correct buttons easily. I was also given the duty of typing things at the front
desk computer. JAWS was eventually installed on that computer but again, it
took forever for that to happen. I also had to send and receive faxes. I was
shown how to do this, since I had never before used a fax machine and I doubt
at this point whether I'll ever use one again. The database that was used in
the office, Act, was not accessible with either Window-Eyes or JAWS, so they
had someone else do all the spreadsheet work. The door to our office had bells
on it which jingled when the door opened and closed, and a beeper that sounded
when the door was open. Sometimes when people came in, I would have to stand up
and ask who they were and to whom they wanted to speak. However, most of the
time people identified themselves right as they walked in. There was also a
doorbell outside the office, and when it rang I would get up and open the door
but ask who was there first. As the receptionist job grew more fast-paced, and
it required skills which I didn't yet have, I was made a volunteer again. The
staff went through this with me and my parents, and to this day I do not fault
them or myself or parents for what happened. However, this was not how my VR
counselor saw it. He kept on calling the office and again urged them, begged them,
to pay me. I won't go into detail about this because I already mentioned it in
other Thought Provokers. I was assigned to work with a high-school student who
I think was involved with the organization for a while. She dictated articles
and various other things to me, and I typed them out for our new website that
was being launched.

Jacob Joehl Chicago, Illinois USA

**5. A typical sighted person going blind, refuses to accept help or
accommodation in the hope that the vision is savable. This person is not ready
to admit to being blind at all. My mother, who is 71 is going through the same
thing. She has macula degeneration and her vision is 2200 in one eye and 2100
in the other, but she still insists she can see and drives! It scares me to
death! I feel so sorry for these folks. But one can't help someone who does not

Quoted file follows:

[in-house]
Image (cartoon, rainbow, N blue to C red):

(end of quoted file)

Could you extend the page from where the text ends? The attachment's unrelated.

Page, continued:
wish to be helped!

Phyllis Stevens Johnson City, TN . USA.

**6. I think that the lady's situation with her blindness and how she deals
with it all comes back to adjustment to blindness. I think that deep inside,
she knows that she's losing her sight. However, she's determined to continue
using whatever sight she still has left to the bitter end before she resorts to
using non-visual equipment for her job; this is why she keeps telling her VR
counselor that she wants to see what her doctor says and what kinds of glasses
her doctor might be able to prescribe her. Yes, it would be good if she starts
learning how to use adaptive equipment for the totally blind, but, as they say,
"you can lead a horse to water, but you can't make it drink". From
the sounds of it, though, there will come that time when she can no longer deny
her blindness.

Linda Minnesota USA

**7. This woman is still in denial about her blindness and it's a shame she
isn't taking time to develop the skills which will help her to continue doing
the jobs she used to do. Sometimes people don't have the confidence to try new
things and it holds them back. Hopefully, her counselor is persuasive enough
that she will be able to engage her in a process where she will look at this
new equipment and take advantage of it.

Mary Jo Partyka

**8. This is a very common stage for a sighted person to be in or go through.
Sight is so important to how we as humans function, that vision has be come a
very precious thing to al of us who have it. Sight is the window on to all that
is around us. Oh yes, I know some beauty comes in what we can smell or taste or
hear, but vision by far is the most widely used and multifunctional. And in
saying all of this I am saying that we of course will fight to maintain it.

Blindness is also a very negative factor here in this story. Think of this,
most people have a very negative view of blindness. It is limiting, not
attractive, generally brings a lower status, brings pity and discrimination and
destroys a persons view of themselves. I am sure some of this is over stated,
what I said and what most people think about blindness, but I think most will
agree with me a person will fight to remain sighted before they would give in
to identifying with blindness.

So how do we help this woman? Well, be patient and let her come to the
realization that she will not be getting vision back and nothing will help her
see better. This is one. But how to help her along the way, to inform her that
there are other methods to do things is good and showing her people that are
making or have made the transition would be good too. But like they say, you can
lead a horse to water, but you can’t make them drink.

I wonder if the doctor can suggest not holding too much faith in fixing the
sight thing and that she should start looking at alternative methods. (Bet
she’d go find another doctor if the first one said he couldn’t help her.
Mary Cole USA